Founding Day 2017

Founding Day 2017 was conceived as a combined sports and culture day, a first for the college. The theme was "Celebrating Unity Through Sports and Culture." This year Founding Day fell on a Saturday, which placed Rahn en Tiahk on Friday. This moved Founding Day to Thursday 30 March, and meant that floats would have to be assembled by students on Wednesday evening.

Assembly on the Kosrae Student Organization float would continue until 3:00 A.M. on Thursday morning, at which time the float was moved to Spanish Wall ball field. All floats arrived in the night except NuKap which pulled in after 8:00 A.M. As NuKap was the last group in the parade, sequencing their float was not the problem it might have been had they been in the middle of the parade order.

Although the float would go to capture first place, the float as judged was not complete. The fafa pounder (above) and the Kosraean soup server (in back) were not yet in place when judging occurred. Fafa has to be freshly prepared and cannot be stored overnight, hence someone woke up very early - or did not go to sleep - to get this in place prior to the 9:00 A.M. start.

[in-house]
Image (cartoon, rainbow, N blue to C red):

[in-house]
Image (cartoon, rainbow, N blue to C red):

Kosraean sakau on the tail of the Kosrae float

A judge noted that even if the float appeared to be complete, the costumed riders were not in place until the actual start. This is not something that can necessarily be sped up or made more efficient. The costumes are complex and some require the use of fresh plants. The judge recommended that the judging be done along the route, once the parade is moving.

9:07 on the route

Judging while moving was attempted in the past, but the judges felt the floats went by too fast to be properly judged. And the judges could not see into the interiors of the floats, so the Pohnpeians pounding sakau was hard to see one year, and a mother and actual baby child being tended to traditionally inside a float hut was effectively invisible another year. Thus the shift to judging in the field at Spanish Wall. That said, perhaps there would be a location up route past Pwunso where the floats might be free to slow sufficiently for judges to get a reasonable look at the float in motion.